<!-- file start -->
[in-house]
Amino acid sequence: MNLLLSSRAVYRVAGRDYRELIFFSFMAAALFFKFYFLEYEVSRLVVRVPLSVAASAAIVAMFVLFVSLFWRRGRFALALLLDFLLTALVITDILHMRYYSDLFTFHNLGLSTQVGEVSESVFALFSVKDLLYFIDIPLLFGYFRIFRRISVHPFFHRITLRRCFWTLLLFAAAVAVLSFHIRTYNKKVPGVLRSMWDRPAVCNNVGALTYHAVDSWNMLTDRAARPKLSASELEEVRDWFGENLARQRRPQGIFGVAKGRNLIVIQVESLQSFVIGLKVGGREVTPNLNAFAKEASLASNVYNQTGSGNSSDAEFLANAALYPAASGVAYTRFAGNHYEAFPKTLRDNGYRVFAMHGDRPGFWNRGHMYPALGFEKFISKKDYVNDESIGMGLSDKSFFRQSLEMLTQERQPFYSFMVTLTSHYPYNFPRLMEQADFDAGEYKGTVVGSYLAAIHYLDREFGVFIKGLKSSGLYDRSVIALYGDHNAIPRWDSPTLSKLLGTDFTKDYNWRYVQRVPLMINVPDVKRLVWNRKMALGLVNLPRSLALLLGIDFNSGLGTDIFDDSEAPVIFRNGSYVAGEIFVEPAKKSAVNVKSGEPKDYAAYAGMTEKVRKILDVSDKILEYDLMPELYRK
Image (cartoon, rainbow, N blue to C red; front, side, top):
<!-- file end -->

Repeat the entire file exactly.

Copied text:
[in-house]
Amino acid sequence: MNLLLSSRAVYRVAGRDYRELIFFSFMAAALFFKFYFLEYEVSRLVVRVPLSVAASAAIVAMFVLFVSLFWRRGRFALALLLDFLLTALVITDILHMRYYSDLFTFHNLGLSTQVGEVSESVFALFSVKDLLYFIDIPLLFGYFRIFRRISVHPFFHRITLRRCFWTLLLFAAAVAVLSFHIRTYNKKVPGVLRSMWDRPAVCNNVGALTYHAVDSWNMLTDRAARPKLSASELEEVRDWFGENLARQRRPQGIFGVAKGRNLIVIQVESLQSFVIGLKVGGREVTPNLNAFAKEASLASNVYNQTGSGNSSDAEFLANAALYPAASGVAYTRFAGNHYEAFPKTLRDNGYRVFAMHGDRPGFWNRGHMYPALGFEKFISKKDYVNDESIGMGLSDKSFFRQSLEMLTQERQPFYSFMVTLTSHYPYNFPRLMEQADFDAGEYKGTVVGSYLAAIHYLDREFGVFIKGLKSSGLYDRSVIALYGDHNAIPRWDSPTLSKLLGTDFTKDYNWRYVQRVPLMINVPDVKRLVWNRKMALGLVNLPRSLALLLGIDFNSGLGTDIFDDSEAPVIFRNGSYVAGEIFVEPAKKSAVNVKSGEPKDYAAYAGMTEKVRKILDVSDKILEYDLMPELYRK
Image (cartoon, rainbow, N blue to C red; front, side, top):